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Boston Dynamics rehabs drunken robot into parkour expert

Boston Dynamics

Boston Dynamics has released a new video of its humanoid robot, Atlas, and it is scarily impressive how quickly the technology is advancing.

Two years ago the firm released a video of one of its employees testing out Atlas by taking it for a walk through snowy woods, knocking items out of its hands and knocking the robot off balance with a hockey stick. You can see the video at the bottom of the article, we decided the dubbed version was a bit more entertaining, though the latest video show remarkable progress by Boston Dynamics.

As you can see below, Atlas has gone from a staggering buffoon to a potential Olympian.

Many through the industry, us included, might be surprised. Robotics is an area which does not get much attention nowadays, perhaps due to the perception it is an area is not progressing in the same way as other next-gen tech. Of course, there are incredibly advanced machines in various different factories, but the idea of a humanoid machine we’ve gotten used to through Hollywood is laughable. Not anymore.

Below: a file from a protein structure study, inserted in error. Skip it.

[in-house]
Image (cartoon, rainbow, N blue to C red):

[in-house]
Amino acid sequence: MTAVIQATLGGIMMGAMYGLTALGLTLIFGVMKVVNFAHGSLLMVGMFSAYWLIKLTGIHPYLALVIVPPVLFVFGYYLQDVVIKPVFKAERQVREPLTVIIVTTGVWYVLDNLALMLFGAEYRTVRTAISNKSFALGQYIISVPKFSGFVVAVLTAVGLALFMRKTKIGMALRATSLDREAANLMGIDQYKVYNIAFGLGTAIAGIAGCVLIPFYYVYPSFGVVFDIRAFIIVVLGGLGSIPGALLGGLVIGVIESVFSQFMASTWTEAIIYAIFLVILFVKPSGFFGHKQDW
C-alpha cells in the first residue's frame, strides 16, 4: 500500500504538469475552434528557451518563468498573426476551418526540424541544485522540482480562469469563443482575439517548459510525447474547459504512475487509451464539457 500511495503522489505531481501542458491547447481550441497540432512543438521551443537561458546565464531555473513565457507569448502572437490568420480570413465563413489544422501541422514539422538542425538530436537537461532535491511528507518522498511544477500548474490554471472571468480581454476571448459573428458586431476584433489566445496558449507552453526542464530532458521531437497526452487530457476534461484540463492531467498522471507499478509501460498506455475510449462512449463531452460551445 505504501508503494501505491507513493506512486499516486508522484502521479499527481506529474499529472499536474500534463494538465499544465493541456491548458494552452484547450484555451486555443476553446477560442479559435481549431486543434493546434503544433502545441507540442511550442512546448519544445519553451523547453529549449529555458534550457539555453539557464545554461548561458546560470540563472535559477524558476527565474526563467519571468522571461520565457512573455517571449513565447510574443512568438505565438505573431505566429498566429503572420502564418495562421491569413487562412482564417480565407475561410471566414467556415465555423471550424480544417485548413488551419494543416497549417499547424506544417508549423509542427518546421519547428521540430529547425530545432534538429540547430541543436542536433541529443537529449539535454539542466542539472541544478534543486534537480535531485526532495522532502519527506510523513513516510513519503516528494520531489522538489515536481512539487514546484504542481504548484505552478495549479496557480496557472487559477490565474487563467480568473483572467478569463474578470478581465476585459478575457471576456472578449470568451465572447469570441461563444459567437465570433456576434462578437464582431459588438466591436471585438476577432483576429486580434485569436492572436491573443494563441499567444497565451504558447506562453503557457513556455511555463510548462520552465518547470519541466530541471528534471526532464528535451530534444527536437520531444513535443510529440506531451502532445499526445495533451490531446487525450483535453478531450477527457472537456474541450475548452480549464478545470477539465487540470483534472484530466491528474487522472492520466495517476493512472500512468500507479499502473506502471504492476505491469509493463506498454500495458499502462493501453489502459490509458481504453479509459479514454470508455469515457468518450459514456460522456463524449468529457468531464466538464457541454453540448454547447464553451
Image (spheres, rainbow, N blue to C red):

Although life for Boston Dynamics began as a spin-off from MIT, it was acquired by Google for an unknown price in 2013. Shortly after acquiring the robotics business, Google was reportedly in the market looking to offload the firm, struggling to see profitability or how it would fit into the wider Google universe. The rumours proved to be true, and Softbank purchased Boston Dynamics in 2017.

Atlas might be the product getting the attention today, but it is not the only robot worth keeping an eye on. Spot and SpotMini are four-legged versions, which move in a similarly remarkable way to Atlas, while Handle is a robot with both legs and wheels.

The incredible thing about Atlas right now is the progress which has been made in terms of balance. If you compare the two videos, the Boston Dynamics team seem to have mastered the art of stability and shifting weight in real-time. In the latest video, you can see Atlas even manages to identify the steps are not straight and shifts direction to safely land on the boxes. Such movement suggests the robots are not far away from real-world applications.

Stereo vision, range sensing and other sensors give Atlas the ability to manipulate objects in its environment and to travel on rough terrain, while it keeps its balance when jostled or pushed and can get up if it tips over. One of the immediate use cases could be delivery. There of course a few hurdles to adoption right now, the payload is only 11kg while battery life would have to be considerable, though these are minor challenges in comparison to what has been achieved so far. On the darker side, there will be several governments around the world looking at these robots with more militaristic ambitions.

There are of course scary implications for every new technology, just look at how the US Government wants to use AI to improve the accuracy of drone strikes, but that should not take away from the genuinely amazing progress here.

And as promised, here is Atlas in his early days:

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